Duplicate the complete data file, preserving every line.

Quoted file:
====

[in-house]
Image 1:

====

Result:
[in-house]
Image 1: